Some Facts About Deep Tissue Massage

A lot of buzz words exist about massage and describing different massage techniques.

For my business theses are the definitions of Swedish and deep tissue massage that I prefer.  My pet-peeve is that therapists continue spreading the misguided idea that “deep pressure” and “deep tissue” is the same thing.  They are not and let me explain why!

Swedish massage is considered to be the most basic of massages.

It involves longs, sweeping strokes across your body.   Four types of strokes may be incorporated into the massage: effleurage (to spread), pettrisage (to lift), friction (to press), and tapotment (to tap, pound).  The therapist may use the palm of their hand, heel of the hand, fingers, the forearm, or a “soft” fist to perform a Swedish massage.  The massage may have a light, medium or firm pressure and a generous amount of lotion or oil is typically used.  The intent of the massage is to affect the superficial layers of muscles and tissue of the body.  Swedish massage is best as a full body massage that focuses on the superficial layers of your body to release general stress and tension.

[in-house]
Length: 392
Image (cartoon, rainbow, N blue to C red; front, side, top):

By contrast, a deep tissue massage focuses on a particular muscle group or groups of your body.

Having a massage with a lot of pressure is not the same as a deep tissue massage.  The therapist will focus on the deeper layers of muscles and tissue.  The intent with a deep tissue massage is to resolve a particular issue or problem, for example whiplash or tendonitis.  In addition to the parts of the body used in Swedish massage, the therapist may also use the side of the forearm, the elbow, thumbs, a hard fist, and fingertips.  In some instances there may be additional pressure used, or holding a particular position while the muscles and surrounding structures release.  Deep tissue massage general uses little to no cream, lotion, or oil, but this may depend on the specific modality your therapist uses.  The strokes are usually slower and deeper than with a traditional Swedish massage.  In most cases, this massage will be an area specific massage and is not intended to be a full body massage.To fill the gap between our Swedish and deep tissue massages at Balance and Peace, I have added our “integrated massage” to the menu.  This is the perfect combination of wanting a full body massage, but still having an area or two that you want focused on.  (For example, today I had someone that wanted a full body massage, but their quads were bothering them from walking a lot over the weekend, so we focused on that) The therapist may use a variety of techniques to meet the goals that you have established for that session.  We may incorporate some aromatherapy or hot stones into this massage, or both.  It’s the perfect mix of relaxation and resolving nagging issues in the body.Hopefully the next time you are asked what type of massage you would like, you will have an idea of what you are looking for!  Nothing is worse than a therapist not understanding what you, as the client, want and therefore not meeting those needs!